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Surprisingly Lenient Censor

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At this point, I am so desperate to find the limit that I am erring into territory that even I am uncomfortable with. Specifically, themes like "coercive suicide", [...] and still, the script gets approved with no edits.
TomSka, Dear Surfshark, Please Fire Me

So you're writing a popular series, and occasionally butt heads with the censors. You've been pushing the envelope of what's acceptable for a while, and while the higher-ups are wary about annoying the moral guardians, your fans love your edgy style. OK, but surely this time you're crossing the line. You know that this joke is going too far, that you'll have to remove it and find some way to sneak it in. But screw it, you have to try! You submit it to the censor, and the reply comes back...

Approved. Huh.

You've just run into the surprisingly lenient censor. As it turns out, censors and rating boards aren't (always) the fanatical puritans we tend to imagine them as. Rating boards understand what the age ratings actually mean, and tend not to see hardcore sex in every innocuous frame. Even company censors are capable of considering context, target audience, whether children will actually see the work, and when a joke will go over children's heads. Actually Pretty Funny factors in as well — sometimes even the censor agrees that an off-color moment is amusing enough to let pass.

See also Censor Decoy, for when material is censored by the creator's intention (though this trope can very much happen to the decoy), and Getting Crap Past the Radar, for when stuff is snuck in.

To avoid this page looking like it was written by Lady Whiteadder, examples are restricted to creator reactions.



  • The famous Portuguese drink Licor Beirão ("Liquor from the Beira region"). Its slogan? O Beirão de que todos gostam ("The one from Beira which everybody loves"). Who was "The one from Beira which not everybody loves"? António de Oliveira Salazar, Portugal's then-dictator! Yes, they basically pulled a joke on a dictator and the best of all is that he knew about it, didn't try to censor it, and complimented on the liquor makers' audacity!

Anime and Manga

  • The late Carl Macek, who was known for "editing" anime when it's licensed for the U.S., expressed his shock and amazement in a podcast with Anime News Network concerning his work done when editing Captain Harlock for U.S. television. Mainly, the Mazon-aliens in said show were always naked, and there was even a scene of a live childbirth on the show (which Macek left intact), and nobody ever said anything. Even people who watched the show didn't mind!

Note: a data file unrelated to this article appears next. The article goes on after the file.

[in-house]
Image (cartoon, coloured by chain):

Comic Books

  • During the writing of The Killing Joke, when Alan Moore asked if he could have the Joker paralyze Barbara Gordon, the response from the editors was supposedly "Yeah okay, paralyze the bitch". This is considered by many, including Moore himself, a case where the editors should have gotten in the way, since Barbara's paralyzation was a blatant case of Stuffed in the Fridge.

Comic Strips

  • The creators of Baby Blues wrote a strip in which dad Daryl asks for milk in his coffee and mom Wanda provides it (offscreen) by squirting her breast milk directly into the cup, accompanied with a shout of "Bullseye!", prompting Daryl to remark he was really going to miss it when she stopped breastfeeding. The comic's creators knew this wouldn't be allowed, but sent it to their editor anyway to give her a laugh. However, they found out too late that the editor wasn't in the office that week, and her substitute waved the strip on through without a second glance. Rather predictably, it's one of the most popular strips from the early years of the comic.
  • Dilbert:
    • The strip in which Alice gets a bonus. "It's Not Funny If I Have To Explain It" includes the commentary of "I was surprised that this one got published."
      Alice: Tonight I find out how big my bonus will be. After all the work I did on that project, I'm thinking four digits, maybe five.
      Dilbert: How many digits?
      Alice: (visibly upset) I used one on each hand.
    • Adams has said that this conversation was probably the worst he ever got away with:
      Dilbert: Ahh... sweet cubicle, I have returned from my trip.
      Dilbert (thinking): It's just like being in a womb.
      Pointy-Haired Boss: I just wanted to poke my head in and say hi.